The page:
This is the first part of a series of posts about trying to publish daily. Check out the intro. For the first section of the series, I’m writing about things that aren’t exactly sitting down and adding words to something.
We moved a lot when I was a kid1. Even after moving to a different base, we would still move a few times within that stay. When first arriving, we stayed for a few weeks at a Navy Lodge until we found a house off base. We would stay at that house off base for a few months until we got to the top of the waiting list for a house on base.
These things aren’t quite sitting there churning out words. I consider these sort of like writing because things are moving out of your head to a paper or a screen.
I love outlining. It’s important to have something to follow to avoid thinking about what to write. Just fill in the blanks. Words are going down and you can feel like celebrating something incomplete. When trying to publish daily, though, it’s easy to outline without thinking about how long it will take to fill those blanks in. The time block ends and the outline does history’s mildest Mr. Hyde impression, transforming from an encouraging tree of ideas to an unfinished todo list2.
Playing with post-its (The Board)
The Board is a way for you to “see” your movie before you start writing. It is a way to easily test different scenes, story arcs, ideas, bits of dialogue and story rhythms, and decide whether they work — or if they just plain suck.
He’s right, it is fun. It’s offline. I love moving post-its around4. It’s good to have structure to follow and, again, fill in the blanks. It really is another form of outlining, except it has a little more spatial awareness. And there’s less temptation to start writing anything of length5, because you can’t fit much on a post-it note.
Blake Snyder describes the board as a waste of time, knowing it can be a distraction. He’s half joking and explains that the board is a good distraction: you need time away from your writing for thoughts to brew.
To write anything good, editing becomes more important than getting the first draft down. But you can skip revising and still have something to publish. I set time aside each day to write but I still don’t set aside enough time to revise and finish posts. Revising and editing will help me get from writing bad posts to writing posts that aren’t bad6. Then comes trial and error to figure out what animal to sacrifice7 to get to good.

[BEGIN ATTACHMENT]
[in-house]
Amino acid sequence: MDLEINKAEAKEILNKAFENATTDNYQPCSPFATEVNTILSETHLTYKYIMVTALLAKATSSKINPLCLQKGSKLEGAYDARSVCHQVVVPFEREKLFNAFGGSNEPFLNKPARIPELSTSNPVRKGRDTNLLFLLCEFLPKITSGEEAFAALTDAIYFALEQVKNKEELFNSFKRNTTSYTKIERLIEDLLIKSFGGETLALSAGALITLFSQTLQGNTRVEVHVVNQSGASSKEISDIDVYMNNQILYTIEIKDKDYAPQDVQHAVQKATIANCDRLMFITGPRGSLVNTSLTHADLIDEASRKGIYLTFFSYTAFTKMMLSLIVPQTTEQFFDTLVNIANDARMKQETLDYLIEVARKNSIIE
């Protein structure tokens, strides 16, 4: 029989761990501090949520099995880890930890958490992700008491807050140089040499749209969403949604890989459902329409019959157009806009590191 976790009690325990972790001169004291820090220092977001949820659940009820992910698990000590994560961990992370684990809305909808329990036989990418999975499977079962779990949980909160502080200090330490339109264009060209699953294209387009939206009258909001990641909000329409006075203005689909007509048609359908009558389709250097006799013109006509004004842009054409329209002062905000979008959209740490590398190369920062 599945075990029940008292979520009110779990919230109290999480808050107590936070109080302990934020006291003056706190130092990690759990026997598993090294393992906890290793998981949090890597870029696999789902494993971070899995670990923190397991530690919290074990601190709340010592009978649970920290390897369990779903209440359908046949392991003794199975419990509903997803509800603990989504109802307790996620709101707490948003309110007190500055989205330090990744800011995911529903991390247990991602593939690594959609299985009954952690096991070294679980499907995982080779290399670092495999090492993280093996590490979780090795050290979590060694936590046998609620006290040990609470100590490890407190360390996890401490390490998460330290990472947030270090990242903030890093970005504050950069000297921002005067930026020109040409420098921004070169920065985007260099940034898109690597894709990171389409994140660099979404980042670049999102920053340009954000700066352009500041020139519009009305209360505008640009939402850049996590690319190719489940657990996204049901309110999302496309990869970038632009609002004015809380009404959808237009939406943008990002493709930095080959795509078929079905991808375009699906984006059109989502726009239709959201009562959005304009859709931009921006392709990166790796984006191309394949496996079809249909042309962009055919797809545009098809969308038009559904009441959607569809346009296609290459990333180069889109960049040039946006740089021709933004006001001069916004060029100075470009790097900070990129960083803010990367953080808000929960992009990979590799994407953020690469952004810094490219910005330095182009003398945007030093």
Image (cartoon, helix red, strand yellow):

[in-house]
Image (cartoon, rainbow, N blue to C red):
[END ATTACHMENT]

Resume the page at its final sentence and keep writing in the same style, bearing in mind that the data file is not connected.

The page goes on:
Someday I’ll have darlings to kill. In the meantime I’ll take be taking these garbage bags out back. My first form is a trash compactor. A programmer considers deleting a bunch of code a good day. It signals they’ve found a better way to do something8. Finding a precise word to replace four probably gives writers the same pleasure.
And on and on
I moved a lot as an adult. After moving to New York, I stayed for a couple nights at a friend’s place. Then a few days at an Airbnb, and another Airbnb. Then I moved to a one-month sublet. Then to another one-month sublet. Then to a nine-month sublet. And then to my current apartment, where I’m likely to renew for a 4th year. Things feel pretty good here.
Words and thoughts move more easily at the start9.
I can’t assume anyone reading any one post will know anything about me, so I’m probably going to repeat this often. ↩
I guess most todo lists are unfinished. ↩
My girlfriend asked if people think others would think the board is weird. I’m at The Bean right now where I’ve seen people jamming on Korg controllers. High bar for weirdness here. ↩
Watch out for my book notes on The Lean Sacrifice in 2019. ↩
There’s gotta be some kind of articles talking about writing and programming and the similarities. ↩
I like the metaphor and can’t wait for the day that I can write about it elegantly. I’ll try again in a few months and hopefully again in a few years. ↩